Decisions decisions decisions: Decision-making fatigue

One of those old self-development tropes is this idea of decision fatigue.
It’s like we only have a certain limited ability to actually take in all the information, consider all the relevant factors, and weigh it against our values, and somehow come up with a decision about what to do.
We choose one path and not another.
And that takes work.
I mean, that’s not automatic in any way.
Every time there’s a fork in the road and we have to think about which way to go, that consumes time and energy, mental effort, to be able to make that choice.
And some days, it just seems like that energy is low.
It’s like “I don’t feel like thinking about these things.
I don’t feel like making these decisions.
A nd that can certainly be a factor that leads to wanting to escape into something that’s very easy.
You know, playing a game, you know, where it’s like easy decisions.
I don’t want to make any difficult decisions.
I just want to make fun and simple decisions, where the choices are clear and the feedback is immediate and obvious.
Or maybe I don’t want to make any decisions at all.
Maybe I just want to watch a movie and have everything decided for me.
Just watch the output of somebody else’s decisions, who made all the choices to put something together for me.
So this ability to make decisions is something that in a way we have to ration it.
We have to limit it and guide it and streamline it and choose how and when we’re going to make decisions.
Maybe we have to be ready that sometimes we are just not going to be great at making decisions.
Sometimes it’s going to be that kind of mental fog, where you know, I just can’t do a clear evaluation, an eagle-eyed view of the situation and weighing all these factors and then producing an outcome.
Maybe I have to anyway, but I really don’t feel like it and maybe won’t do the best job.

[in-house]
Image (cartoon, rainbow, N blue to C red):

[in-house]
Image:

Whereas some other times, I feel like I’m in some kind of ideal planning mode, and you know, it’s like the general looking at the map, the king in the throne room, the judge in the court, just sort of like surveying everything, you know, looking out over the landscape and evaluating all the factors, considering the strategy, and evaluating everything, making a plan.
That’s something that it seems to just be best at certain times and not others.
Now I’m not quite sure what brings out that good state, that good decision-making state.
Maybe it’s partly mental clarity, freedom from distractions, either distractions from outside, or could be emotional distractions from inside.
Just that kind of state of freedom from interference so that I can just sort of clearly look out onto all the field of possibility.
And I would like to hear if you have any idea about what brings out this clarity of decision-making better.
I would like to find a way to, you know, develop this further.
Yet, just from this idea it seems like it’s something that I want to consider.
Will I be able to make good decisions right now and some days the answer is I’m not in my ideal decision-making ability.
So then what do we do? Then it seems like the best thing to do is to plan ahead, to have something ready.
At least, maybe if it’s not like a full plan, to at least have a list of maybe some things that could be useful to do.
So it’s like I don’t know what to do next.
That next fork in the road is coming.
Every time I don’t have immediately something to do, I have a free moment, now I can at least have a list of things that would be useful to do, and then I can work on doing them.
At the same time, got to be careful not to get too far into the plan, because we still have to live in the moment and respond to the moment.
But I find it helpful to have this kind of reserve list of things that I’m ready to do, so that when my mind is not clear i’m not able to make good decisions and plan at my best, I can at least engage in something useful to do to improve my situation until the next time when I’m ready to have a strategic lookout and figure out the next steps.

#decisions #decisionfatigue #lifeplanning

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